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Any way to calculate prop rpm?

JasonK

Well-known member
#2
the kv of the motor * the voltage is the expected rotations per minute, however, prop loading/etc can limit that and cause it to spin slower the the expected rotation speed. The only way to get 100% sure info would be to put the motor on a stand with an optical rotation sensor and measure it.
 
#4
There are apps out there that will listen to the prop and calculate the RPM. The other method is to use an IR emitter/detector to count the number of times the IR bounces off the prop. These would be the more accurate methods.

There are these laser RPM detectors too:
https://www.amazon.com/dp/B004Q8L894/?tag=lstir-20
I'm just trying to find an equation that will find out how fast the prop will spin so that I know what prop to buy with the motor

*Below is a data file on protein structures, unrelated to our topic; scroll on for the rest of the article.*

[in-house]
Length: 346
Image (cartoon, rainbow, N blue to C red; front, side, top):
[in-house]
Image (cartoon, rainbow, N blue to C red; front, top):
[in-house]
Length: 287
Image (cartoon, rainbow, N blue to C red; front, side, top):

JasonK

Well-known member
#6
I'm just trying to find an equation that will find out how fast the prop will spin so that I know what prop to buy with the motor
That is the problem, the load of the prop will reduce the RPM from the theoretical (kv * voltage). The motor's torque ability, the prop's drag, pitch, size, etc all effect by how much.

I did some thrust calculations on the Flite Test A pack motor with a 6x3, 6x4.5, and 5x3 prop with 2s and 3s and not one of the combinations created the thrust that it would have given the kv * voltage RPM calculation, IIRC the 5x3 prop's thrust was a higher % of the 'ideal' thrust by the calculator then the 6x3 or 6x4.5 props.

To my knowledge, there isn't a formula that takes into account everything that could impact the RPM for you to just plug in numbers to do this with.

if your trying to figure out what prop to use with a motor, the motor manufacturer should have some recommended prop sizes for the motor, because if you over prop it, you can overheat/burn out the motor as it draws to much current trying to spin to big of a prop. if you undersize it to much, you just end up throwing away thrust (and likely efficency from what I found as, for a given amount of thrust, a larger slower prop tends to be more efficient then the smaller faster prop)